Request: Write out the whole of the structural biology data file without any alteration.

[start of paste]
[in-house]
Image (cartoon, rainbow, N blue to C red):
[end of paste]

[in-house]
Image (cartoon, rainbow, N blue to C red):